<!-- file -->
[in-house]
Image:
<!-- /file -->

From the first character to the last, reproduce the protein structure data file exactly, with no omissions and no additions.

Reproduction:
[in-house]
Image: